Americans like myself ‘tap’ the ‘t’ in between vowels. This means that the ‘t’ in ‘butter’ is pronounced not with a /t/ sound, but rather with the ‘r’ consonant in Spanish ‘pero.’ The common impression, though, is that ‘t’ becomes ‘d’ in American accents: ‘bitter’ sounds like ‘bidder,’ ‘bit off’ like ‘bid off,’ and ‘cutter’ like ‘cudder.’
Yet Americans have no exclusive claim to this feature. London is known for its glottal ‘t’ (to put that very crudely, the ‘t’ in ‘butter’ becomes something of a ‘grunt’). Yet it’s clear that t-tapping is also common in the city, as J.C. Wells makes clear in his Accents of English:
Indeed, there is another variant which also has a strong claim to be considered ‘typically Cockney,’ namely the voiced tap … The use of [ɾ] appears to be connected to the rate at which the person is speaking, since [ɾ] does not occur in slow speech, in hesitation, or before pause.
This strikes me as true of several British accents*. To cite one example: in a transcription of an Estuary English (London) speaker in the International Dialects of English Archive, the transcriptionist notes the use of a tapped or voiced ‘t’ in the phrase ‘put on.’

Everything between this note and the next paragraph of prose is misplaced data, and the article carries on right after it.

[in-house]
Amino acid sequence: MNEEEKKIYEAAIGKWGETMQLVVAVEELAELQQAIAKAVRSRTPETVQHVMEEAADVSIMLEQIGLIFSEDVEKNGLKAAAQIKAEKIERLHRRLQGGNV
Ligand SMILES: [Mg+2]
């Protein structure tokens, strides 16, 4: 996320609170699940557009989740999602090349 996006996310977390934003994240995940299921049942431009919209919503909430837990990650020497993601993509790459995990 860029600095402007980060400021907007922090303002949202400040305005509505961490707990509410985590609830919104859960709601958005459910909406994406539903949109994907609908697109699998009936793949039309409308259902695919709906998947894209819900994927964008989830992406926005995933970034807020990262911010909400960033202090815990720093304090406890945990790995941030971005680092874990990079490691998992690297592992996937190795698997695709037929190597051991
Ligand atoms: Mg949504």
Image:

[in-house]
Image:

And in Received Pronunciation, I’ve observed that it’s possible for the consonant to be tapped at the end of a word in rapid speech if the next word starts with a vowel (for example, in the phrase ‘A bit of luck’). Wells’ take on this (at least circa 1982) is that it is a matter of frequency: ‘occasional’ t-voicing is acceptable in RP; ‘frequent’ t-voicing would place an accent in the ‘Near-RP’ category.
So what makes American accents unique? I’ll answer that by making a comparison. In London English, the tapped t is only one of a number of possibilities. The phrase ‘bit off’ might be pronounced (for the non-phonetically inclined, forgive the jargon):
[bɪʔ ɒf] (t is a glottal stop)
[bɪʔt ɒf] (t is a glottally reinforced /t/)
[bɪts ɒf] (t is affricated — it becomes a /ts/ sound)
[bɪɾ ɒf] (t is tapped)
[bɪt ɒf] (t is simply a /t/ sound)
… and probably a number of others. Yet of all the times I, as an American, will utter the words ‘bit off’ in my lifetime, I will most likely have used a tapped /t/ every single time. It doesn’t matter if I’m saying the words slowly, quickly, with food in my mouth, or drunk, the tapped /t/ is almost compulsory in my accent.
So in the varieties of British English we’ve discussed, t-tapping is one of several options. For many Americans, however, the feature has near-exclusivity in many contexts, which is why it is so salient to people with other accents. The question is not so much why Americans do this, but rather, why we’re so consistent about it.
*There are many others, obviously, which I’m not mentioning here. I’m focusing on accents that aren’t associated with t-tapping/voicing.